Stanhope Alexander Forbes was a painter. He married the Canadian painter Elizabeth Adela Armstrong.
Forbes' received his artistic schooling at the Lambeth School of Art in London from 1874 to 1876, the R.A. schools from 1876 to 1878 and then in Paris in the studio of Léon Bonnat where he came under the influence of the French Realist painters Jean-François Millet and Jules Bastien-Lepage. In 1884 he settled in the Cornish fishing village of Newlyn where he was to remain for the rest of his life. His Fish Sale on a Cornish Beach (1885; Plymouth City Museum and Art Gallery) which was exhibited at the R.A. in 1885 brought him critical acclaim. Later works include: Forging the Anchor (1892; Ipswich Museums) and The Seine Boat (1904; Private Collection).
Forbes was also one of the founder members of the New English Art Club in 1886, at the first exhibition of which in June 1888 JW showed A White Note (YMSM 44) and a recent etching of Brussels, although he never actually became a member. However, Forbes disapproved of the low-life subjects of JW's pupil Walter Sickert and left the NEAC. He was amongst those proposed invitees to a dinner organised by W. C. Symons to congratulate JW on being made an Honorary Member of the Royal Academy of Munich, a dinner which was to be held at the Criterion in Piccadilly on 1 May 1889 (#00631). Forbes was elected A.R.A. in 1892 and R.A. in 1910.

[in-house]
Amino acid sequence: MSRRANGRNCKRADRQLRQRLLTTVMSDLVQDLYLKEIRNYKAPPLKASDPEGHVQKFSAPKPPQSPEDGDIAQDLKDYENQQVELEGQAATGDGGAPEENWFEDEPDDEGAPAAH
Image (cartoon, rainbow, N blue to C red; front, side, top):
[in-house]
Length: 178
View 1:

Meynell, W., 'Mr Stanhope A. Forbes, A.R.A.', Art Journal, 1892, pp. 65-69; Garstin, N., 'The Work of Stanhope A. Forbes, A.R.A.', The Studio, vol. 23, 1901, pp. 81-88; Birch, L., Stanhope Forbes and Elizabeth S. Forbes, London, 1906; Hind, C. L., 'The Art of Stanhope Forbes', Art Journal, London, 1911; Fox, C., and F. Greenacre, Artists of the Newlyn School, 1880-1900, Plymouth, 1979; Fox, C., and F. Greenacre, Painting in Newlyn, 1880-1930, exhibition catalogue, Barbican Art Gallery, London, 1985; McConkey, Kenneth, Memory and Desire: Painting in Britain and Ireland at the Turn of the Twentieth Century, London, 2002; Wood, Christopher, 'Stanhope (Alexander) Forbes', The Grove Dictionary of Art Online, ed. L. Macy, http://www.groveart.com (accessed 22 February 2002).